A vast majority in many countries now believes human activity is causing global warming and that major steps are needed quickly to halt its devastating advance, a BBC World Service poll has found.
The survey of more than 22,000 people in 21 countries,  conducted a day after 150 countries met at the United Nations to discuss warming, found agreement among 79% of respondents that “human activity, including industry and transportation, is a significant cause of climate change”.
Nine out of 10 said action was necessary, with two-thirds saying “it is necessary to take major steps starting very soon.” In no countries did a majority say no action was needed.
The survey also found support among 73% of respondents for an international agreement to limit greenhouse-gas emissions in developing countries. Currently, China and India, the world’s first and second most-populous nations, are exempt from the Kyoto Protocol. China recently topped the U.S. as the biggest spewer of greenhouse gases.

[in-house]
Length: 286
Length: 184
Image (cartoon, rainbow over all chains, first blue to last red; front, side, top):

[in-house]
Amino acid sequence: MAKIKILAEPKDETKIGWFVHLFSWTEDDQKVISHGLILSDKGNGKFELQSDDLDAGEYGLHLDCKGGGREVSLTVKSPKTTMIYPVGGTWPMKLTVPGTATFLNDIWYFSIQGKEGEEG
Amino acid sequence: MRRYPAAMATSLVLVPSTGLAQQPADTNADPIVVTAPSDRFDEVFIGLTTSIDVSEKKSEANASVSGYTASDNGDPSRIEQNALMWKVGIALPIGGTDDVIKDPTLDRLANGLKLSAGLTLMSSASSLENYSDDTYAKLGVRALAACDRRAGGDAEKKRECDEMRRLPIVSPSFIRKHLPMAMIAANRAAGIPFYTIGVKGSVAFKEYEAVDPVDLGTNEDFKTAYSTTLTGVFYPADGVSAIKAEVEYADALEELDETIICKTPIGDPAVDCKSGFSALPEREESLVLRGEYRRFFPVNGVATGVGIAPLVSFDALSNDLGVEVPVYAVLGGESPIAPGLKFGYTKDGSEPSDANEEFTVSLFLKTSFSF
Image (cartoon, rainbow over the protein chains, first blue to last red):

Still, a majority in some of the key developing countries even favor limiting emissions, including China (68%), Brazil (63%) and Indonesia (54%).
A day earlier, UN Secretary General Ban Ki-moon told the highest-level UN gathering on climate change that “the time for doubt has passed,” Ban is hoping to inject a sense of urgency to the political negotiations on global warming that are due to be held in Indonesia in December.
“If we do not act now, the impact of climate change will be devastating,” he said.
Some world leaders, however, are slow to get the message. U.S. president Bush didn’t even attend the UN meeting, the largest-ever forum on global warming, preferring instead to huddle with 16 “major emitter” countries on Thursday and Friday.
Prime Minister Stephen Harper told delegates  Canada favors an approach that balances global-warming mitigation with economic growth.
Lets hope they read the survey.